Sunday, November 27, 2016

Year of Mercy


Pope Francis declared 2016 to be the "Year of Mercy."  His declaration was well publicized.  Proof is still wanting about whether or how seriously an appreciable number of Roman Catholic clerics, lay individuals and lay leadership groups have heeded the pope’s message and acted upon it.  

Negative personal attacks between presidential nominees and their supporters have made 2016 among the worst of political campaigns.  There continues to be an urgent need for more Catholic politicians and clerics to step forward and do more than lip service to stem the tide of negativity. 


The continued lack of naming African American priests to the level of cardinal demonstrates that the African American segment of God’s ministries continues to be invisible in the eyes of individuals/groups who have vetted clerics Pope Francis has inducted as cardinals.  Some individuals or groups with clout had to have brought to his attention the merits of the final finalists.  According to a write-up in the October 21-November 3, 2016 issue of the National Catholic Reporter, there were “…only 13 spots for cardinal electors…” Consequently, only 13 were made cardinals.   The rule is that cardinal electors must be under the age of 80.  College of Cardinal members (electors) elect popes.   

Pope Francis gave recognition to clerics over the age of 80 by naming them to what I consider to be honorary cardinals:  Archbishop Anthony Soter is retired and from Kuala Lumpur, Malaysia; Bishop Renato Corti is retired and is from Novara, Italy; Bishop Sebastian Koto Khoarai is retired and is from Mohale’s Hoek, Lesotho; and Father Ernest Simoni has not been listed as retired but he is from the archdiocese of Shkodre-Pult, Albania.                                            

Pope Francis has been quoted as saying that his main concern was “to have a balance of representation from around the world.”  Since no African Americans are among the electors or honoree cardinals, the balance is skewed; the selection of cardinals is diverse, but not totally inclusive.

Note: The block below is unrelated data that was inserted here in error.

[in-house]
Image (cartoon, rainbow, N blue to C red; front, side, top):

Individuals/groups who advise Pope Francis or who make suggestions to him have demonstrated that they follow a pattern of ignoring African Americans. The cultures of native Africans and South and Central American blacks who have ascended to the level of cardinal differ from the culture of African Americans, which puts African Americans in a different and distinct category.  Consequently, adding black images to the College of Cardinals does not compensate for the snubbing of Americans of African descent.

Chicago’s own archdiocesan leader, Cardinal Blasé Cupich, is one of three American clerics elevated to the level of cardinal.  Based upon his background and experience, Cardinal Cupich certainly deserves the honor. Moreover, he should and does appear to serve his constituents impartially.  His first parish visit after being assigned to the Chicago Archdiocese was to an African American church where the church’s previous pastor, Daniel McCormack, was criminally convicted for sexually abusing boys.  During Archbishop Cupich’s visit to that church, he made a public apology for McCormack’s atrocities.

In lieu of my aforementioned observations of racism within the Roman Catholic Church, a plausible question is: Why an appreciable number of Roman Catholic African Americans still profess faith in the Roman Catholic Church?  Garry Wills in his book, WHY I AM A CATHOLIC, published in 2002, covers reasons that could be attributed to why Roman Catholic African Americans continue to believe in the Roman Catholic Church.  Father Byron Massingale, who is reported to be joining the faculty of Fordham University, has during speaking engagements voiced his reasons for continuing his Roman Catholic priesthood.  His highly acclaimed book, Racial Justice and the Catholic Church, also, posits his reasons for remaining Catholic and a priest. 

A pertinent question that can be asked is, if Roman Catholic clerics/lay groups/politicians/individuals, etc., who have been traditionally active in discriminating against minorities, particularly African Americans, actually believe in life after death, where do they envision themselves to be when they pass onto eternal life?

1 comment:

  1. You point out the obvious lack of inclusion and it is bewildering that the Catholic hierarchy can continue to ignore the issue of diversity within the institution generation after generation. You were so right to point out that in these times of unprecedented political division and negativity, the Vatican had an obligation to lead in the opposite direction, and failed to deliver because of this festering ongoing systemic problem.